SLS is a useful tool for anyone developing biologics or gene therapies. Complex biological samples such as enzymes, monoclonal antibodies, or AAVs that will be used for treatments are thoroughly characterized ahead of storage, transport, and clinical administration.
SLS enables you to monitor the colloidal stability of your sample. This information helps you optimize your sample by making changes to the sequence or buffer environment, and measuring how those changes impact stability. Stability parameters are used to rank candidates for therapies and select those with greater stability for further characterization and development.
The amount of light a sample scatters, as measured from SLS, is indicative of the size of particles in solution. While DLS is required to make assessments about individual populations of particles within your sample, SLS tells you about the overall quality of the sample.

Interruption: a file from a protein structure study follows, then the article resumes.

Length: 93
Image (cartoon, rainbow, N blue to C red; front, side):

There must be enough scattered light to make a measurement; if the sample concentration is too low, not enough light is scattered to make meaningful conclusions about your protein. However, when there is a lot of aggregation in the sample, these large, amorphous clumps of protein scatter a lot of light, and indicate poor quality protein that is not ideal for DLS measurements.
SLS provides a few unique measurement parameters that are used to characterize protein-based samples. These are used either as quality attributes of a candidate therapeutic, or as baseline parameters to optimize with buffer formulation or protein engineering.
Initial scattering value is a quick quality indicator about your sample. When developing well-folded, uniform proteins for therapeutics, it is important to avoid aggregation or large particle contaminations. If the scattering value is very high, it is an indicator that large particles are contaminating your protein sample. If it is very low, your sample’s concentration may not be high enough for subsequent DLS experiments.
Molecular weight, MW, derived from SLS is the average mass of particles in solution.
Scattering data from SLS measurements is plotted and generates a Debye plot. With this plot, it is possible to determine the molecular weight and second virial coefficient.
Prometheus Panta offers a combinatorial approach to protein optimization that includes SLS optics. Learn more about the instrument and how it works.